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Arbitration Panel Decision Under the Randolph-Sheppard Act

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Department of Education.


Notice of arbitration panel decision under the Randolph-Sheppard Act.


The Department gives notice that on July 26, 2002, an arbitration panel rendered a decision in the matter of Kentucky Department for the Blind v. U.S. Department of Defense, Department of the Army (Docket No. R-S/01-11). This panel was convened by the U.S. Department of Education, under 20 U.S.C. 107d-1(b), after the Department received a complaint filed by the petitioner, the Kentucky Department for the Blind.

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You may obtain a copy of the full text of the arbitration panel decision from Suzette E. Haynes, U.S. Department of Education, 400 Maryland Avenue, SW., Room 5022, Potomac Center Plaza, Washington, DC 20202-2800. Telephone: (202) 245-7374. If you use a telecommunication device for the deaf (TDD), you may call the Federal Information Relay Service (FIRS) at 1-800-877-8339.

Individuals with disabilities may obtain this document in an alternative format (e.g., Braille, large print, audiotape, or computer diskette) on request to the contact person listed in the preceding paragraph.

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Under section 6(c) of the Randolph-Sheppard Act (the Act), 20 U.S.C. 107d-2(c), the Secretary publishes in the Federal Register a synopsis of each arbitration panel decision affecting the administration of vending facilities on Federal and other property.


This dispute concerns the alleged noncompliance with the Act by the U.S. Department of Defense, Department of the Army (the Army), regarding its cancellation of a food service contract at Ft. Campbell, Kentucky, operated by the Kentucky Department for the Blind, the State licensing agency (SLA), in violation of the Act (20 U.S.C. 107 et seq.) and the implementing regulations in 34 CFR part 395.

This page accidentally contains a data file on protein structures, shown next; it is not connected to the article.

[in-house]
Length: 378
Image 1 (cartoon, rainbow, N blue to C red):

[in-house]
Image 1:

A summary of the facts is as follows: On February 15, 1996, the SLA was awarded a contract to provide full food services in the military dining facilities at Ft. Campbell, Kentucky. Following the contract award, the SLA appointed a qualified Randolph-Sheppard vendor to perform the contract requirements. Subsequently, the vendor entered into a joint venture contract agreement with First Choice Food Service to assume the contractual obligations.

On January 21, 2000, at the end of the third option period for the food service contract at Ft. Campbell, the SLA contacted the Army to request that both parties enter into negotiations for the continuation of the food service contract. The Army did not respond to this initial request. Then on August 9, 2000, both parties met to discuss continuation of the food service contract, but this meeting did not result in a negotiated contract.

Later in March 2001, the SLA alleged that, without explanation, the Army discontinued the SLA's contract effective April 1, 2001. The SLA further alleged that, despite repeated requests to negotiate the Ft. Campbell food service contract with the Army, there was no communication until June 20, 2001, when an Army contracting officer posted a solicitation announcement in Commerce Business Daily (CBD) for provision of the dining facility attendant services at Ft. Campbell. The procurement was limited to Small Business Administration (SBA) certified personnel.